Battling With Hyperthyroidism

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2 years ago

Around February of 2019, I began to notice alarming reactions of my body. My heart was beating fast it became a tickle in my chest. Sometimes I felt it would burst with how fast it beat. I didn't know the term yet. It was palpitations.

From 84kg, my weight went down to 60kg. It wasn't alarming since I began my low-calorie diet since November of 2018. I never recovered my weight before I got pregnant on 2016; it shoot up to 86kg. But what I noticed with my weight going down was it seemed I was wilting. It seemed my weight loss was from an illness and not a result of dieting and a little exercise. Even my friends and relatives noticed that. Their first question everytime was, "Are you sick?"

I also began having a hard time standing straight up. My knees would buckle; I began to lean on my left or right leg when I was standing. It became a struggle standing still. My knees lose their strength; climbing was another struggle. One time, I fell down on the ground when I tried to get on a motorcycle; my knees went jelly.

Aside from my skin with a sickly color, my left eye started to protrude. Smiling was a little difficult too because my facial muscles would quiver.

Standing in front of an audience doing a presentation was not new to me. I would get nervous especially if my big bosses were there but I can easily kept rein of that nervousness and get on with my presentations. But during those times, my whole body was shaking whenever I gave a presentation. I couldn't keep the tremors from my voice, and my breathing was fast and shallow. Even my direct superior wondered at that.

Whenever I talk to someone, it was draining and I got out of breath. My friends and family also noticed my throat has a different roundness.

Around April of 2019, I went to see an endocrinologist. He was also my doctor when I had a gestational diabetes --- an acquired diabetes while pregnant (which, thankfully, was gone after my pregnancy, and wasn't passed on to my daughter). He took a look at me and said my dieting wasn't the cause of my weight loss (he knew I was dieting because we talked over the phone before I scheduled for a check up). He then proceeded a physical check up, and went on to prescribed a laboratory check up. Before I went out his clinic, he told me my thyroid glands were acting abnormally hence my body's abnormal reactions. To confirm it, I needed the laboratory check up.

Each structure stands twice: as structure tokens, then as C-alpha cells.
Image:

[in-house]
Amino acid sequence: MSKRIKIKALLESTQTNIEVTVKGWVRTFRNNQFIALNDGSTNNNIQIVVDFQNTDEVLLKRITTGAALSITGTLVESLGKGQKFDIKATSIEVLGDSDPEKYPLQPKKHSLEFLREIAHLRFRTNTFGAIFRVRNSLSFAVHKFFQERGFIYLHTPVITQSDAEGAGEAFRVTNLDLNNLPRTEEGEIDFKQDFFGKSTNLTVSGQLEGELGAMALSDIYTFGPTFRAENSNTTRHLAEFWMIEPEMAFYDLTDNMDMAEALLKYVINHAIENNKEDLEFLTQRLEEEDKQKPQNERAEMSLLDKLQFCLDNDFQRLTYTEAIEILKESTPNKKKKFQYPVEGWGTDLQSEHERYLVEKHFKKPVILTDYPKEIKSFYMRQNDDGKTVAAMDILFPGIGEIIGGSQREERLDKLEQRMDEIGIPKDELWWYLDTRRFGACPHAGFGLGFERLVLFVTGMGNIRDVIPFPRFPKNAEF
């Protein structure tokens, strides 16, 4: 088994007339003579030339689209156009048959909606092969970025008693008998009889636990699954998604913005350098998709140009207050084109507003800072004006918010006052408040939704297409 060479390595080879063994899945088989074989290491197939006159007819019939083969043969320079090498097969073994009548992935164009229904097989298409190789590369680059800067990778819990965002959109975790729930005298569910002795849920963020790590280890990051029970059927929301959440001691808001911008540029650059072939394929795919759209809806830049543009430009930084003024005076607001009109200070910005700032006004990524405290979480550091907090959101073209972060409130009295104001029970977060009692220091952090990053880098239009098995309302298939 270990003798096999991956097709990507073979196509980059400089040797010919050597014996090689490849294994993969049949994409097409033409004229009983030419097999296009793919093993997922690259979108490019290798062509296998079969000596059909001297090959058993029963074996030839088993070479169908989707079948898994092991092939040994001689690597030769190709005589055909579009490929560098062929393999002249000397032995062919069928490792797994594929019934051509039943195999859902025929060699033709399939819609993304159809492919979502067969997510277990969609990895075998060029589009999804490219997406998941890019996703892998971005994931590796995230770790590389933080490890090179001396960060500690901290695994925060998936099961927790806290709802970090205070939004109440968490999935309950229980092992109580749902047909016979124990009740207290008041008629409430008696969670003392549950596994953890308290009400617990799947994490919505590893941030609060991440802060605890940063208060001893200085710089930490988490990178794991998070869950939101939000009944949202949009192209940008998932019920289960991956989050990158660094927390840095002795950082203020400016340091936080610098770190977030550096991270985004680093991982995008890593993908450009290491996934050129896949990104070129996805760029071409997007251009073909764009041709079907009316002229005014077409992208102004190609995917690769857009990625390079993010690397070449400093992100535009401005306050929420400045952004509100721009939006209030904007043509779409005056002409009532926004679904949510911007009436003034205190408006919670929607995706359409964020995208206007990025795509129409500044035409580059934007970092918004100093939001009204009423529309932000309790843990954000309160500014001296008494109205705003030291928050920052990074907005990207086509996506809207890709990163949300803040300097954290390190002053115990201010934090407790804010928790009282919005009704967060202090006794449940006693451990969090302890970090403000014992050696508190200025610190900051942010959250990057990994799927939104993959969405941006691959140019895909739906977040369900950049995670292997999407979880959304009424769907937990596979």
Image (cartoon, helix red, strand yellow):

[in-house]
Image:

The day after, I went back to the clinic with the lab results. It confirmed I have a thyroid disease, a hyperthyroidism.

There are different kinds of thyroid diseases, and the most common are hyperthyroidism and hypothyroidism. It is very important to know what kind of thyroid disease one has because the cure, what to eat and what not to eat, are opposite.

I am grateful for my endocrinologist because he explained it all to me as simple as he could. First, let's talk of this thyroid gland. What is the function of a thyroid gland? My doctor referred to it as the butterfly-like gland attached to the lower part of the neck. It may be small but its function is very important because it secretes cell hormones T4 (thyroxine) and T3 (triiodothyronine) which is necessary for all the cells in our body to function normally. The thyroid glands act on the 'order' of the pituitary gland found on the base of our brain; how much T4 and T3 to produce for normal body functions.

CTTO Merck Manuals

My lab results showed the T4 and T3 hormones found in my blood were higher than normal. These showed that my thyroid glands were producing abnormal high number of hormones which in turn increases the activity of all my organs --- fast heart rate, insomnia, increase visit to the restroom, whole body shaking, protruding eye. In layman's term, my thyroid glands went rouge. It wasn't listening anymore to the pituitary gland and produces hormones on its own. Since it kept producing hormones, it needed high amount of energy getting it from where it can get. Why my knees buckled? The vitamins and minerals in it were diverted to my rogue thyroid glands.

There are 3 procedures that can be done to cure hyperthyroidism according to my endocrinologist:

  1. Anti-thyroid and Beta Blockers medication

  2. Radioactive iodine

  3. Surgery to remove the thyroid gland

My endocrinologist and I both agreed that we will try the medications, and hopefully we won't turn to radioactive iodine and surgery which I see both as high risk. Radioactive iodine is introduced through the mouth to shrink the gland but it will also cause the gland to slow its production of the hormones which will cause hypothyroidism. I will have to maintain medicines again. As for the surgery, removal of my thyroid gland risks my vocal chords and the glands that regulates calcium in my blood. This will need another medication maintenance.

With medicine treatment, I was given a list of what to eat/drink and what not to eat/drink. I searched more from the internet the alternatives. Since I have hyperthyroidism, the goal is to lower the iodine level in my body. Lifting heavy objects are also a no-no (which was kind of hard because my 14-kg daughter loves being carried by mama).

After 2 months of treatment, everything was turning back to normal. No more palpitations. I have gained back the strength of my knees and arms. My body isn't shaking anymore. My monthly period is back to normal. I am not breathless anymore and I can sing again to my heart's content. I still have a protruding left eye but I can live with it. I take my anti-thyroid and beta blockers medicines at times if I feel like I start to palpitate and/or the tremors are back. I still have another session with my endocrinologist.

December 2018 before hyperthyroidism (please forgive the bottles hahaha)
December 2019 with hyperthyroidism

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